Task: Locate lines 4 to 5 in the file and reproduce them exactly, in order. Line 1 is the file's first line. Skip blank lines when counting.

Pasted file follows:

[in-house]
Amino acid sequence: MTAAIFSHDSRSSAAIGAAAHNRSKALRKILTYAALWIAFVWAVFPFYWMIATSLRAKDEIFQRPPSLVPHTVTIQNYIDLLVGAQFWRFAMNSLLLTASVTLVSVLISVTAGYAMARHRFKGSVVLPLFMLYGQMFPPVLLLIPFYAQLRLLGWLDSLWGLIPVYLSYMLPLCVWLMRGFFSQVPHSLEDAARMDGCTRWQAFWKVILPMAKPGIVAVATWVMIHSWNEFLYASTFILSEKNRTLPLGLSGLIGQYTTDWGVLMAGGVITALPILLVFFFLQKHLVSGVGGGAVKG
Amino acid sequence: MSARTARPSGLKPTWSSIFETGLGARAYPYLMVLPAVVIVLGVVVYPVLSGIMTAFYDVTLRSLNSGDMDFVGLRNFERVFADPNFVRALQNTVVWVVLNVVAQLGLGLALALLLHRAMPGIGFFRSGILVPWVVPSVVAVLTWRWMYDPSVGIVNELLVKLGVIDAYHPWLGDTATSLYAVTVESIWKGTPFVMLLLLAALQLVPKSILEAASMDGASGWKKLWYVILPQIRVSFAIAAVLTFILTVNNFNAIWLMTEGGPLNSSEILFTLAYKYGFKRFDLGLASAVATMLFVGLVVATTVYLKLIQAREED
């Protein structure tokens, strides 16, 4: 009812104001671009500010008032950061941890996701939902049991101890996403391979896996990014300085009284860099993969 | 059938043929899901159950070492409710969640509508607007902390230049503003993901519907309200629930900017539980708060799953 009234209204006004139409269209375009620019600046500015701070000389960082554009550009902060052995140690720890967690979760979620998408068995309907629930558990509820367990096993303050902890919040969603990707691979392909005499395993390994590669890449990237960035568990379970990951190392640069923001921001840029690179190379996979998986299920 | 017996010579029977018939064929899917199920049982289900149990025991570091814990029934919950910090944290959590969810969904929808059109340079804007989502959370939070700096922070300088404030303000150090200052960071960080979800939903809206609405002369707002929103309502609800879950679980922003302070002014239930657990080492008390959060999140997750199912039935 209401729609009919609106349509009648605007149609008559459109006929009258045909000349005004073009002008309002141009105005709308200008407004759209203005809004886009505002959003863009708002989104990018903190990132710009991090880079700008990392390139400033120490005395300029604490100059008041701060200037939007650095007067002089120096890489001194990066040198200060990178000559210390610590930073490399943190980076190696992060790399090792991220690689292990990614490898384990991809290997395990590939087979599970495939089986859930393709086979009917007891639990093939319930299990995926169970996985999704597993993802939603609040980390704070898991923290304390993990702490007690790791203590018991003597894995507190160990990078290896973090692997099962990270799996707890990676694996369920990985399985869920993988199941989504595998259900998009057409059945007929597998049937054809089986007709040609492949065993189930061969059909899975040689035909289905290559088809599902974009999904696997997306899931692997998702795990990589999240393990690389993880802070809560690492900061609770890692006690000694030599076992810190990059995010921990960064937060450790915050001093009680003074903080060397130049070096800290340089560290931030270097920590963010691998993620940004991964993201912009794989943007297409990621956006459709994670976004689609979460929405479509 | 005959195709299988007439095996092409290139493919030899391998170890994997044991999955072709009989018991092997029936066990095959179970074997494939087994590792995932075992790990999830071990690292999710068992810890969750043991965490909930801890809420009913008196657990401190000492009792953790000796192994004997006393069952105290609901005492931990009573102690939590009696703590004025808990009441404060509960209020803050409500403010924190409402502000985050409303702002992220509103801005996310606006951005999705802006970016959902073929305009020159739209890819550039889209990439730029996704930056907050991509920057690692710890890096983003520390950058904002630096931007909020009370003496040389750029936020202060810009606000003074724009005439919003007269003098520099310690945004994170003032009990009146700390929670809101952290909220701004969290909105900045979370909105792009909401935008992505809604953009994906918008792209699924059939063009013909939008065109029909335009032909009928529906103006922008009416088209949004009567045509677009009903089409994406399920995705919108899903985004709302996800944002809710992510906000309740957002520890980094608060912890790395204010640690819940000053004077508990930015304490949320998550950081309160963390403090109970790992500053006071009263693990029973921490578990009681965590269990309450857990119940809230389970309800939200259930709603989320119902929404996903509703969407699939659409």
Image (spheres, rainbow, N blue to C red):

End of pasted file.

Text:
């Protein structure tokens, strides 16, 4: 009812104001671009500010008032950061941890996701939902049991101890996403391979896996990014300085009284860099993969 | 059938043929899901159950070492409710969640509508607007902390230049503003993901519907309200629930900017539980708060799953 009234209204006004139409269209375009620019600046500015701070000389960082554009550009902060052995140690720890967690979760979620998408068995309907629930558990509820367990096993303050902890919040969603990707691979392909005499395993390994590669890449990237960035568990379970990951190392640069923001921001840029690179190379996979998986299920 | 017996010579029977018939064929899917199920049982289900149990025991570091814990029934919950910090944290959590969810969904929808059109340079804007989502959370939070700096922070300088404030303000150090200052960071960080979800939903809206609405002369707002929103309502609800879950679980922003302070002014239930657990080492008390959060999140997750199912039935 209401729609009919609106349509009648605007149609008559459109006929009258045909000349005004073009002008309002141009105005709308200008407004759209203005809004886009505002959003863009708002989104990018903190990132710009991090880079700008990392390139400033120490005395300029604490100059008041701060200037939007650095007067002089120096890489001194990066040198200060990178000559210390610590930073490399943190980076190696992060790399090792991220690689292990990614490898384990991809290997395990590939087979599970495939089986859930393709086979009917007891639990093939319930299990995926169970996985999704597993993802939603609040980390704070898991923290304390993990702490007690790791203590018991003597894995507190160990990078290896973090692997099962990270799996707890990676694996369920990985399985869920993988199941989504595998259900998009057409059945007929597998049937054809089986007709040609492949065993189930061969059909899975040689035909289905290559088809599902974009999904696997997306899931692997998702795990990589999240393990690389993880802070809560690492900061609770890692006690000694030599076992810190990059995010921990960064937060450790915050001093009680003074903080060397130049070096800290340089560290931030270097920590963010691998993620940004991964993201912009794989943007297409990621956006459709994670976004689609979460929405479509 | 005959195709299988007439095996092409290139493919030899391998170890994997044991999955072709009989018991092997029936066990095959179970074997494939087994590792995932075992790990999830071990690292999710068992810890969750043991965490909930801890809420009913008196657990401190000492009792953790000796192994004997006393069952105290609901005492931990009573102690939590009696703590004025808990009441404060509960209020803050409500403010924190409402502000985050409303702002992220509103801005996310606006951005999705802006970016959902073929305009020159739209890819550039889209990439730029996704930056907050991509920057690692710890890096983003520390950058904002630096931007909020009370003496040389750029936020202060810009606000003074724009005439919003007269003098520099310690945004994170003032009990009146700390929670809101952290909220701004969290909105900045979370909105792009909401935008992505809604953009994906918008792209699924059939063009013909939008065109029909335009032909009928529906103006922008009416088209949004009567045509677009009903089409994406399920995705919108899903985004709302996800944002809710992510906000309740957002520890980094608060912890790395204010640690819940000053004077508990930015304490949320998550950081309160963390403090109970790992500053006071009263693990029973921490578990009681965590269990309450857990119940809230389970309800939200259930709603989320119902929404996903509703969407699939659409």
Image (spheres, rainbow, N blue to C red):